A Perfect Road Trip
The highway between the touristy Cabo San Lucas and the more chill San José del Cabo is packed with cars and lined with resorts, but stray even a bit from the main drag and you enter a desertscape. A quick drive up to the East Cape brings you to the village of Los Zacatitos, where Vancouver architecture firm Campos Leckie has constructed a number of off-the-grid modern masterpieces that will have you plotting early retirement, while the miles-from-anywhere Zac’s Bar and Grill provides serviceable lunch fare to sustain your exploration. There’s a rumour that a slew of new resorts (including a Four Seasons) will be opening in these parts in the near future, so capture some magical desolation before it’s gone.
Usually the most memorable thing about a meal at a high-end hotel restaurant is the cardiac arrest-inducing bill at the end of the night. Not at the Resort at Pedregal’s El Farallon, where your journey starts by driving though a thousand-foot tunnel, complete with chandeliers, bored through a mountain, which is the hotel’s sole point of access. You then are seated along a very narrow isthmus, with the mountain on one side and the ocean a few metres below on the other, where you will spend the rest of the night trying to concentrate on your meal (prepared by a chef who trained under Thomas Keller) as the waves dramatically smash just below your table. If the surf is high, a blanket is quickly proffered. Of all the meals you’re likely to have in Baja, this will be the most unforgettable.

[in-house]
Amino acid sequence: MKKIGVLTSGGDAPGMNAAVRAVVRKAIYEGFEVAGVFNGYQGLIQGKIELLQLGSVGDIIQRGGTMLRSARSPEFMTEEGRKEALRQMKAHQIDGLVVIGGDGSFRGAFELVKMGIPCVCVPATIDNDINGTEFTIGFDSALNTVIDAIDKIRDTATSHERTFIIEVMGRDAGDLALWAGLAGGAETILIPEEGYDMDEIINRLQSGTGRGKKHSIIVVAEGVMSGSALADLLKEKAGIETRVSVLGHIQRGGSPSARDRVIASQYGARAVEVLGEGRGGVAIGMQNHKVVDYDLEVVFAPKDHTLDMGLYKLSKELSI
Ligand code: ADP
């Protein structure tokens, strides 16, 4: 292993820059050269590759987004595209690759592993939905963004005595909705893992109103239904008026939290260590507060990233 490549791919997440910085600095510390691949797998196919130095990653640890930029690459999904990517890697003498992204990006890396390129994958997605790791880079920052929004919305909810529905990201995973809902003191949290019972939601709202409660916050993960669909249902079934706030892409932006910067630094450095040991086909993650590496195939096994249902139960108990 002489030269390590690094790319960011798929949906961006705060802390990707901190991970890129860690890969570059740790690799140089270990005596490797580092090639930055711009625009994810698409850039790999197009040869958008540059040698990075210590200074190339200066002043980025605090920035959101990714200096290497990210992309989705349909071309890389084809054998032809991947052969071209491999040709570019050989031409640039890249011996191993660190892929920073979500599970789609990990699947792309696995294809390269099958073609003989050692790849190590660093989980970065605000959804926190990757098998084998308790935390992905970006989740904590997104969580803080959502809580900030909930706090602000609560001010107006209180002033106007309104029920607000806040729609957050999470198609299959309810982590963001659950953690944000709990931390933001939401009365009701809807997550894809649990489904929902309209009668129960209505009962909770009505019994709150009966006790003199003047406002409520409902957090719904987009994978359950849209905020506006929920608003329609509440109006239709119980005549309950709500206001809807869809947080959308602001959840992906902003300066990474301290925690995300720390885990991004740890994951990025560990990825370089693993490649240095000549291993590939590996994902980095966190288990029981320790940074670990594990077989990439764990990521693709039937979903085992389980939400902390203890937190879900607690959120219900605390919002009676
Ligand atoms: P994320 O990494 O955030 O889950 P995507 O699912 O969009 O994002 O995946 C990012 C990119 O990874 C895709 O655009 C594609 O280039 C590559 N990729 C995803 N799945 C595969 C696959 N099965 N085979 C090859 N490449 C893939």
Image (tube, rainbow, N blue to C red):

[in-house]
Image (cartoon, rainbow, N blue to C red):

A Creative Retreat
The eclectic, electric Hotel El Ganzo would not be the first place on a list of where to relax. The boutique lodging, conceived of by one of the scions of the Corona beer fortune, is famous for hosting the likes of Slash and Charlie Sheen while their entourages frolic in the clear-bottomed pool. But beating beneath the slick surface is a site dedicated to the creative classes—there are in-house artists and writers, and beautifully spare public spaces—who don’t mind taking a small tender to the most low-key, private Beach Club in the area, in order to best contemplate future masterpieces.